Yet, when you tell someone you were loved back to health, you tend to elicit odd looks and skeptical responses. When you say Jesus healed your heart and put back together your fractured soul, people aren’t quite sure what to make of that, other than maybe you overdosed one too many times and left your brain a bit addled. People want something “concrete” to hold on to, some tangible method or a “how-to” list.

I can craft a “how-to” on formulating a meal plan for a person in recovery based on if they need to gain, maintain, or lose weight. I can draft a step-by-step on utilizing cognitive behavioral therapy in order to change your thoughts or dialectical behavioral therapy to combat the general inability to deal with life, and I can even pick apart all the ways the scale does not necessarily give you an accurate representation of your weight. But these things change behaviors, and even thoughts, but it takes one step further to reach the heart.

I didn’t fully recover until I had a change of heart. That is why even after the eating disorder behaviors mostly acquiesced due to the all, but not limited to, aforementioned treatment, I continued to self-destruct through the underlying borderline personality disorder. And I continued to hide under the covers in a mental fog due to the chronic depression.

When I say I recovered, it’s more like there is another step past recovery. Recovering from something means you were at one point not recovered, or rather, afflicted and struggling. And every time you say the word “recovered” you are still attached to what got you there in the first place. So yes, I feel there is another step. Where you’re healed past the point of “recovery.” You are no longer just recovered. You are free.

Free as in freedom as in it’s as if it never happened and your memories feel like they more appropriately belong to a character in a movie you once watched a long time ago and barely remember rather than a younger version of yourself. How did this happen? How do you go from having a frozen heart to being thawed and plumb cozy?

Frozen-Quote

 

Only an act of true love can thaw a frozen heart.

I propose, the ultimate and most sacrificial act of true love ever known to the world- the cross. Jesus died on the cross to thaw my frozen heart. The nails that pierced His flesh, were driven straight through my chains until they snapped. And this love is so true that it’s the all-consuming, life-altering, redemptive kind that once you are aware of, every part of you gravitates toward it naturally like growing flowers leaning into the direction of the sun.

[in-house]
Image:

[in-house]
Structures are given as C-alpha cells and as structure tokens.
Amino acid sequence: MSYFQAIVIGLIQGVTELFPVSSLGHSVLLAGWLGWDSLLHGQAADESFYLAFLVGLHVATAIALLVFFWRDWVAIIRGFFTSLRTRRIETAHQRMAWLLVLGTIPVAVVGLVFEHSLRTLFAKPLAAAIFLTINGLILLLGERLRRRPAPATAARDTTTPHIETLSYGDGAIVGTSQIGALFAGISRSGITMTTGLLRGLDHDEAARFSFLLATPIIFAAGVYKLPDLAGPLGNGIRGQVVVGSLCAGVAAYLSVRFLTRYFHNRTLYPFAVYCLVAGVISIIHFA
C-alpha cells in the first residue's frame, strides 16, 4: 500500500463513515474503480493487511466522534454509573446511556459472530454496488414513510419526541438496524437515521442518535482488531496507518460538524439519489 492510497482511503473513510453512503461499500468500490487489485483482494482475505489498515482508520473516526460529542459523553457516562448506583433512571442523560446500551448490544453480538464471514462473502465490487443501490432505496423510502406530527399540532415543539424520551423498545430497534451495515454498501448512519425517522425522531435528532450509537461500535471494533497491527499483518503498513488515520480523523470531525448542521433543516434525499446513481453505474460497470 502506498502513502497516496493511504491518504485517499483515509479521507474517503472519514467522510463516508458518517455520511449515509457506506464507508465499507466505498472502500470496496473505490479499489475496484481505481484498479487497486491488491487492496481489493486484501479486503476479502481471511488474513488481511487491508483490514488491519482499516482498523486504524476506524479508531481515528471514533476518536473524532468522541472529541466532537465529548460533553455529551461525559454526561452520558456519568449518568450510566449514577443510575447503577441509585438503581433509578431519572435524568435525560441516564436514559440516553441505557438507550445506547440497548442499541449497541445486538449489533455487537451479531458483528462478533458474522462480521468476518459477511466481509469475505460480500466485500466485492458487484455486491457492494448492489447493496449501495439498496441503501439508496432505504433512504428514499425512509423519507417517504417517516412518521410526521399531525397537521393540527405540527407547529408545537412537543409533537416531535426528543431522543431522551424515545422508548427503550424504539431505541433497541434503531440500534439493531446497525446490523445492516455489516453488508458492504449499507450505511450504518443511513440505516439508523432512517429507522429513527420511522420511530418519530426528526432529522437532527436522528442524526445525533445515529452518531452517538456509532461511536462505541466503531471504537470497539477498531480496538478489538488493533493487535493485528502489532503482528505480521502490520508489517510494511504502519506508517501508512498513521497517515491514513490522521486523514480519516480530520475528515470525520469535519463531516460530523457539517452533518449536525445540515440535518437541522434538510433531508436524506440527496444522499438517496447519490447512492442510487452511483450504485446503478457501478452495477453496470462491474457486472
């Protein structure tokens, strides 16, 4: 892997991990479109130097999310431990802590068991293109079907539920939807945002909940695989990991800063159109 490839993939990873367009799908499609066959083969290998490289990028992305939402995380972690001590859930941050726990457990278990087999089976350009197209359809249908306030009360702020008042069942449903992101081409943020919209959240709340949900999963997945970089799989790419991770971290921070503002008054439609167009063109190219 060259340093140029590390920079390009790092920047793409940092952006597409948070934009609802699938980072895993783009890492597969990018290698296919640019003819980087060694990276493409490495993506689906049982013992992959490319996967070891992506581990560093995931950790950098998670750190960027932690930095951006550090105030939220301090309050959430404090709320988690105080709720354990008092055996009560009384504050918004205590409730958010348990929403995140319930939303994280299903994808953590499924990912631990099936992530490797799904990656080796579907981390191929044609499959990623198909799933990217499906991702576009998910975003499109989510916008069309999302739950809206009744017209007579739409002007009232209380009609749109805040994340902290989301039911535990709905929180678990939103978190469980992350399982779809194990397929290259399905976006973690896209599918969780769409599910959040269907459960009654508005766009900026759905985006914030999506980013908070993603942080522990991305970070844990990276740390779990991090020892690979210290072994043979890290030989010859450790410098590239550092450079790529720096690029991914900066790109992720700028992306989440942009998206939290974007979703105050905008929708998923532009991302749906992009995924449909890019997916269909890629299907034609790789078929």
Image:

Healing was a process. It started with the love I found in the hospital for the first time, a level of compassion and tenderness so foreign and strange as people saw me beneath the outer layers that hadn’t been peeled back in years and I felt safe enough to remove the “Keep Out” sign from my heart and dust the cobwebs from around the door. Then I learned to express love for animals and accept the unconditional love they offered. I learned how to care for something, how to support another living thing, as I slowly learned how to care for myself. It continued with my parents and learning each other’s different love languages and how to better express them to each other, the discovery of the love that was there all along without me ever having understood it before. And ultimately, when I was ready and in a position to recognize it, the transforming love of my Creator. Once I finally felt the full power of this grace-filled love there was no turning back. Ultimately, it was the love displayed at Calvary on that old wooden cross.

It was Jesus. It was always Jesus.

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From the start it was the Holy Spirit loving me from the inside of those placed in my life, those trying to fight for my very existence. It was His creation and His heart that shone in the eyes of my first horse that gave me one of the first reasons I had found for choosing to live. It’s His hand in my family that led us to find not only mutual ground, but a relationship grown from our love for each other so full it overflows. And it’s the Holy Spirit within me, that loved me from the inside out, that delivered me from my deepest darkest brokenness to one who has found her light.

It was Him, always Him.

Only an act of true love can thaw a frozen heart.

 

(And now, not because it fits with the theme of this post, but purely because I am utterly obsessed with it- the primary song from Frozen, “Let it Go.” Idina Menzel’s voice is pure genius, by the way.)

 

 

—–EDIT 5/22/14: This post was published in the May 2014 issue of The Kingdom Life Now, an online Christian women’s magazine! http://thekingdomlifenow.com/love-thaws-frozen-heart/

Categories: Mental Health and Recovery, Spirituality and Faith | Tags: , , , , , , , , , , , , , , , , , , , , , | 2 Comments

In honor of: Suicide Prevention Week

Image       July 2007 there was a young woman, 20 years old, sitting at a desk in her studio apartment, writing a goodbye letter in an attempt to explain to the world what she was going to do next, though she knew no one could understand. No one ever understood. She knew what people say about suicide, that it’s “selfish.” The problem was, in her situation, staying was selfish. She was a waste of time, space, energy, a waste of her parents’ money… their life savings wasted on eating disorder treatment that wasn’t working. Nothing was working. She was a burden on everyone she ever came into contact with. Even if they wouldn’t admit it, this would improve life for everyone. And as for this girl, life was so unbearable, the pain was unbearable. It consumed her and wouldn’t stop, she had to make the pain go away.